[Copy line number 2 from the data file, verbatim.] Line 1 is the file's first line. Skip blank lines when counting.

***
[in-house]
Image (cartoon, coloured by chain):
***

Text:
Image (cartoon, coloured by chain):